WASHINGTON (CNN) - As Barack Obama marks his 100th day in office, an average of the most recent national polls indicates that more than six in ten Americans approve of the job Obama's doing as president.
According to a CNN Poll of Polls compiled early Wednesday, 63 percent say they approve of how Obama's handling his duties as president. Twenty nine percent disapprove. The 63 percent figure is down three points from CNN's previous Poll of Polls, which was compiled Sunday.
The president's approval rating stood at 64 percent in a CNN poll of polls in January, just after his inauguration
"The number of Americans who think Obama has the right personal qualities to be president has gone up since the campaign last fall," says CNN Polling Director Keating Holland. "That wasn't true for George W. Bush eight years ago, and it may be one reason why Obama's approval rating is still in the 60s."
So how does Obama compare to his predecessors in the White House around the first 100 days mark?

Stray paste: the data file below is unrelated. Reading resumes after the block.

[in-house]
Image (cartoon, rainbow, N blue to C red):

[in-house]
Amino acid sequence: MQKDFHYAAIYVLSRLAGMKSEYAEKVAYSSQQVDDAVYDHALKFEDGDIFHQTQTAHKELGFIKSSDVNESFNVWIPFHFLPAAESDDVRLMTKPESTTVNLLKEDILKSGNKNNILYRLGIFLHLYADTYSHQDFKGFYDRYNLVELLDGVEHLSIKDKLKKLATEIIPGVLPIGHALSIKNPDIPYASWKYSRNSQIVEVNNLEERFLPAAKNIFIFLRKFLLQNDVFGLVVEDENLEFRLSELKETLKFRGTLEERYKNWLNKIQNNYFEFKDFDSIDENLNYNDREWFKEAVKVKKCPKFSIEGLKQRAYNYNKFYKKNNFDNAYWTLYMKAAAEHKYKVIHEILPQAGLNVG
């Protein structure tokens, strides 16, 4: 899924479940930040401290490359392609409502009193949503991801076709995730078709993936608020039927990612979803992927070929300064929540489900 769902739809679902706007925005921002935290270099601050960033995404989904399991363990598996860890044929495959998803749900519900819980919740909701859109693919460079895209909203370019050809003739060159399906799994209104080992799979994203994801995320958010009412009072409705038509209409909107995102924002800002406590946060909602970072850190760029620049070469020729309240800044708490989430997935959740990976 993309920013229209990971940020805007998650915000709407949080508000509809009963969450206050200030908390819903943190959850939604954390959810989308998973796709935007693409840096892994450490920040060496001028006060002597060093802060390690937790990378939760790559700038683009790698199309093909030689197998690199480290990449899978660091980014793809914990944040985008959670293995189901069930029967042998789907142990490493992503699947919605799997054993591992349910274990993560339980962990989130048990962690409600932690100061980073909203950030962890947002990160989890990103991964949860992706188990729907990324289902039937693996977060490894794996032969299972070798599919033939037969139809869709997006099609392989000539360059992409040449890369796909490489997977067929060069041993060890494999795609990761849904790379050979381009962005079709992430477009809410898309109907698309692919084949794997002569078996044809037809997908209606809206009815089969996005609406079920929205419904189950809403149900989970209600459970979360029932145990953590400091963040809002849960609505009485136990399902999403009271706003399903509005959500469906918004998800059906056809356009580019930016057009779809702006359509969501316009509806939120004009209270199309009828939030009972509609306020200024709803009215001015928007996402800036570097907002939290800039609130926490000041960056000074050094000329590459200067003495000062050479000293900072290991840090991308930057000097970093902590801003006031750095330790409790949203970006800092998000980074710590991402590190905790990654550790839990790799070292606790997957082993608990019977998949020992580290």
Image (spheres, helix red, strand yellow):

George W. Bush stood at 62 percent in a CNN/USA Today/Gallup poll in April 2001, Bill Clinton was at 55 percent in a CNN/USA Today/Gallup poll in April 1993, George H.W. Bush stood at 58 percent in a Gallup poll from April 1989, and Ronald Reagan was at 67 percent in a Gallup poll taken in April 1981.
"The hundred-day mark tends to fall during a period when Americans are still evaluating a new president. The danger period for most presidents comes later in their first year in office," Holland says. "Bill Clinton, for example, still had good marks after his first hundred days, but his approval rating had tanked by June of 1993. Ronald Reagan's approval rating stayed over 50 percent until November of his first year in office, but once it slipped below that mark, it stayed under 50 percent for two years. So Obama's current rating certainly does not indicate that he is out of the woods yet."
The most recent edition of the CNN Poll of Polls is an average of seven national surveys taken over the past week: CNN/Opinion Research Corporation (April 23-26), ABC/Washington Post (April 21-24), Fox/Opinion Dynamics (April 22-23), CBS/New York Times (April 22-26), Marist (April 21-23), Quinnipiac (April 21-27) and the Gallup tracking poll (April 25-27).
The Poll of Polls does not have a sampling error.